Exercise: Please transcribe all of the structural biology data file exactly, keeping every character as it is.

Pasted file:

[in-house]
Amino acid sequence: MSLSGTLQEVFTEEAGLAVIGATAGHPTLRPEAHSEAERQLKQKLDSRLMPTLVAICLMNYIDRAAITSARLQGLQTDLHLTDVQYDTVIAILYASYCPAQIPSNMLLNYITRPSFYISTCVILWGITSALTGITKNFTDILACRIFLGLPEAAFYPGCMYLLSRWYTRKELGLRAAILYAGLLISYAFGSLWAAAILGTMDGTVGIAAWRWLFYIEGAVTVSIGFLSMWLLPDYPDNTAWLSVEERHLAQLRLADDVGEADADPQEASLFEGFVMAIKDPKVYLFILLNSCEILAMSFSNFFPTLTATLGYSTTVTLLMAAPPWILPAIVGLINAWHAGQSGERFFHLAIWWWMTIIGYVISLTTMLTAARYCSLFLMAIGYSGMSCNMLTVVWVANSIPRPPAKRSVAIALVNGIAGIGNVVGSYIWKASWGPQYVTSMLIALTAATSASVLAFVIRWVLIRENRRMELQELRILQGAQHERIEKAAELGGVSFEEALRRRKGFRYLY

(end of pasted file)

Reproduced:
[in-house]
Amino acid sequence: MSLSGTLQEVFTEEAGLAVIGATAGHPTLRPEAHSEAERQLKQKLDSRLMPTLVAICLMNYIDRAAITSARLQGLQTDLHLTDVQYDTVIAILYASYCPAQIPSNMLLNYITRPSFYISTCVILWGITSALTGITKNFTDILACRIFLGLPEAAFYPGCMYLLSRWYTRKELGLRAAILYAGLLISYAFGSLWAAAILGTMDGTVGIAAWRWLFYIEGAVTVSIGFLSMWLLPDYPDNTAWLSVEERHLAQLRLADDVGEADADPQEASLFEGFVMAIKDPKVYLFILLNSCEILAMSFSNFFPTLTATLGYSTTVTLLMAAPPWILPAIVGLINAWHAGQSGERFFHLAIWWWMTIIGYVISLTTMLTAARYCSLFLMAIGYSGMSCNMLTVVWVANSIPRPPAKRSVAIALVNGIAGIGNVVGSYIWKASWGPQYVTSMLIALTAATSASVLAFVIRWVLIRENRRMELQELRILQGAQHERIEKAAELGGVSFEEALRRRKGFRYLY